It is certain the mere fact that a report addresses the issue of causation of the permanent disability, and makes an apportionment determination by finding the approximate relative percentages of industrial and nonindustrial  causation does not necessarily render the report one upon which the Board may rely.   This is because it is well established that any decision of the Board must be supported by substantial evidence. (§ 5952, subd. (d);  Garza v. Workmen's Comp.App. Bd. (1970) 3 Cal.3d 312, 317, 90 Cal.Rptr. 355, 475 P.2d 451.)

 In order to constitute substantial evidence, a medical opinion must be predicated on reasonable medical probability.  (McAllister v. Workmen's Comp.App. Bd. (1968) 69 Cal.2d 408, 413, 416-417, 419, 71 Cal.Rptr. 697, 445 P.2d 313.)   Also, a medical opinion is not substantial evidence if it is based on facts no longer germane, on inadequate medical histories or examinations, on incorrect legal theories, or on surmise, speculation, conjecture, or guess.  (Hegglin v. Workmen's Comp.App. Bd. (1971) 4 Cal.3d 162, 169, 93 Cal.Rptr. 15, 480 P.2d 967.)   Further, a medical report is not substantial evidence unless it sets forth the reasoning behind the physician's opinion, not merely his or her conclusions.  (Granado v. Workmen's Comp.App. Bd. (1968) 69 Cal.2d 399, 407, 71 Cal.Rptr. 678, 445 P.2d 294.)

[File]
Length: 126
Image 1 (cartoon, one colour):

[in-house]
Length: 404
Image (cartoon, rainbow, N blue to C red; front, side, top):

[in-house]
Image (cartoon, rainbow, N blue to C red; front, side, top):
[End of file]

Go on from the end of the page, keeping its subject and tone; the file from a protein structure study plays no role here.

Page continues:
The medical opinion must disclose familiarity with the concepts of apportionment, describe in detail the exact nature of the apportionable disability, and set forth the basis for the opinion, so that the Board can determine whether the physician is properly apportioning under correct legal principles.

The Board has taken the position “to be substantial evidence on the issue of the approximate percentages of permanent disability due to the direct results of the injury and the approximate percentage of permanent disability due to other factors, a medical opinion must be framed in terms of reasonable medical probability, it must not be speculative, it must be based on pertinent facts and on an adequate examination and history, and it must set forth reasoning in support of its conclusions.  [¶] For example, if a physician opines that approximately 50% of an employee's back disability is directly caused by the industrial injury, the physician must explain how and why the disability is causally related to the industrial injury (e.g., the industrial injury resulted in surgery which caused vulnerability that necessitates certain restrictions) and how and why the injury is responsible for approximately 50% of the disability.   And, if a physician opines that 50% of an employee's back disability is caused by degenerative disc disease, the physician must explain the nature of the degenerative disc disease, how and why it is causing permanent disability at the time of the evaluation, and how and why it is responsible for approximately 50% of the disability.”  (Escobedo v. Marshalls (2005) 70 Cal.Comp.Cases 604, 621, fn. omitted.)

 In Escobedo, the Board concluded that substantial evidence supported a doctor's apportionment of 50 percent to the work injury and 50 percent to applicant's arthritis because (1) the doctor based his opinion on the “trivial nature” of the applicant's left knee injury;  (2) because of the almost immediate onset of right knee symptoms after that injury;  and (3) because of the “obvious, significant degenerative arthritis in both knees” reflected in a presurgical MRI of the applicant's left knee taken shortly after the injury and reflected in postsurgical X-rays.   In addition, the doctor had expressed his apportionment opinion in terms of reasonable medical probability.